Earlier this year, a friend and I went to Rome, which would mark my second trip to Rome (after my first trip).
The friend that I went with was actually Italian, and he had a bit of knowledge that I wasn’t aware of the first time I went there. We left Friday evening after work and arrived late in the night. We went to a bar and got some Italian beers (which I will post about later), and while there we ran into a bunch of people from Wales. There was apparently a big Rugby game between an Italian and Welsh team, so the bars were full of Rugby fans preparing for the game the following day.
We talked for a while, and then I remember how the conversation of course drifted towards Brexit, and the lad that we were talking with voiced his support of the move. When we pushed him for details, it was the classic “we want to take control of our borders back” and such, and when pressed for what he really meant by that, the conversation of course got a bit awkward. We knew perfectly well what he meant, and he just wouldn’t admit it and kept skirting around mentioning refugees. Not wanting to cause a scene, the conversation switched to something more benign, and we continued drinking in relative peace. After going to a club, my friend and I stumbled back to our hostel really late at night to get some sleep before the next day.
We woke up and I was still groggy, but we set out anyways, not wanting to waste the day. Having both been to Rome, we didn’t feel a need to see anything in particular, so we just wandered around at first.
This is the biggest Catholic Marian church in Rome, and I couldn’t fit the whole building in one shot without getting in traffic. What I found remarkable, though, was the security. I don’t recall nearly as much security when I was last in Rome in 2012. Now there was fences and military vehicles with soldiers with assault rifles all over the place. I suppose the recent events over the past few years have shaken people up a bit, which is very unfortunate. That being said, other than simply noticing the military all over the place, they didn’t really bother or impede us in any way, so whatever I guess.
The Spanish Steps led down to the Piazza di Spagna, where the Spanish embassy is now located. There were people there constantly telling people that they couldn’t sit on the steps, lest the steps get packed with people sitting down.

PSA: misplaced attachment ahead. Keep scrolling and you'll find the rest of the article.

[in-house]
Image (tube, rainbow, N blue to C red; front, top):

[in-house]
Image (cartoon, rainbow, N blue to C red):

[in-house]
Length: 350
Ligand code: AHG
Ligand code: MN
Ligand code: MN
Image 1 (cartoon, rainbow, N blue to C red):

We ended up getting to the Vatican, and after hanging out outside and seeing the ridiculously long line, we opted to leave. Instead of just going away, though, we decided to actually walk around the Vatican.
Since the Vatican is its own county, we technically walked the entire perimeter of a country, which took maybe up to an hour. Quite a feat!
There was an art exhibit that we went into, but I unfortunately don’t have the artist’s name anymore. The artist did some cool things with paint and melted plastic, though.
We then went out for the evening. We actually met up with a couple other Germans that my friend had contacted, and we met up in a craft beer bar, among other places we went to. I will be posting about some of the beers I had while in there later.
Even in another country, the Cologne Kölsch beer follows me!
The next day, we simply wandered around some more.
We then went to the Castel Sant’Angelo again. We actually went the previous day, but we realized if we came back the second day, on Sunday, it would be free. The 1st Sunday of every month is free entry (for quite a lot of things in Rome actually, so take note!).
This passageway (the Passetto di Borgo) was used in the event of a siege so that the Pope could escape the less easily defended St Peter’s Basilica in the Vatican and get to Castel Sant’Angelo, which was much more equipped to defend itself.
It was getting later and we were hungry after leaving the castle. While walking up and down random streets, a heavenly aroma wafted out of one particular shop, beckoning us to investigate the source more closely.
With our hunger satiated, we continued our wandering through the city. It unfortunately started to rain, and we quickly sought refuge. We dashed inside a big church, but the church we went into was of course none other than…
You can really see the old part and the rebuilt part in this picture. You can also see a bunch of holes in the old part. This is because they needed metal and dug posts out from inside the Colosseum during the Medieval ages in order to make weapons.
And we couldn’t visit the Colosseum without seeing my sleeping spot from my first visit to Rome, this time looking at the Colosseum from where I laid.
After another busy day, we made our way back to the bar we went to the first night and had a couple beers before going back to our hostel for the night. Our alarms rang excessively early the next morning and we made our way to the airport in order to fly back to Cologne and get to work late Monday morning.
It’s not often that I visit a city that I just really fell in love with. I didn’t fully appreciate Rome the first time I went, but I think a large part of that had to do with the fact that I didn’t have an actual place to sleep (other than the park). Now that I could afford a hostel and experience the city in a different light, it really grew one me. Normally most cities tend to be “just another city,” even if they are nice, but the atmosphere, architecture, beers, people, and everything I encountered just really did it for me. I definitely would not mind going back one or more times.